Some days I’m so tired from lugging two cameras around that I can’t settle down to write. I want to check in with Hannah, see how she’s doing. I hope she’s still safe in Saipan.
Weeks go by before I can once again settle into a daily writing routine. It’s just about then that the Covid-19 pandemic descends upon the globe. Thousands of people become sick, die, or lose their jobs. My book editing and design teams get lost in the shuffle as businesses close and work-at-home rules send them into a tailspin. We Zoom meetings, but video just isn’t as effective as face-to-face.
My routine is further disrupted by the need to wear masks in public, wash my hands tens times a day, and coat them with anti-bacterial gel. Instead of rising fresh each morning to pick up on the novel’s thread, I instead open my laptop to scan the news for virus-related statistics. How many dead in Massachusetts over night? How many in the U.S.? How many in various countries around the world?
Mundane tasks require more time and energy as my wife and daughter disinfect supermarket purchases and deliveries from the local wine merchant. We sanitize the mail. We comply with a million little things that take me away from concentrating on Pacific Poison as the television blares on about food shortages, racial violence, antifa, and a collapsing American economy.
With resolve I shove the noise aside and continue writing. Hannah is in trouble. The yakuza want her dead. I need to find out what will happen.
As May approaches, I finally type The End and begin the tedious final edits. I should be celebrating, but these are dark times. The television spews endless stories about the elderly dying of Covid-19 worldwide, a growing intolerance of gays, and Blacks being murdered in the streets of America by police. It makes me wonder if anyone is actually reading books beneath the dark coronavirus cloud.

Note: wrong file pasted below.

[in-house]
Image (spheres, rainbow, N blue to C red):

By June I’m in panic mode. Thankfully, my editing and cover design teams are finally freed from quarantine and distraction. They make quick work of excising the last batch of typos and factual errors. Pacific Poison’s extraordinary cover buoys my spirit.
Time to take a deep breath, cross my fingers, click the publish button on Amazon’s author dashboard, and begin counting down the minutes to today, June 22 -- publication day.
CIA officer Hannah Summers is dispatched to the South Pacific with one simple objective: discover the source of heroin being trafficked to the United States, and destroy it before another shipment hits the streets of San Francisco.
But on the coral island of Saipan, the yakuza — powerful, elaborately-tattooed Japanese gangsters — have no intention of allowing Hannah and her partners to interfere with business.
With bodies beginning to pile up on the tiny island and tensions mounting between yakuza and local law enforcement, it could be the perfect opportunity for a plucky, blonde undercover agent to infiltrate Orochi “Big Snake” Tanaka’s organization.
Or, it could prove a fatal mistake…
Here’ s the link:
Amazon US: Pacific Poison
Amazon UK: Pacific Poison
You can find out more about David Liscio and his books via the links below:
Facebook: author David Liscio
All book links in bold are Amazon UK Affiliate links which will earn me a few pence if anyone clicks through and makes a purchase - any money earned will go towards buying books or gifts for giveaways.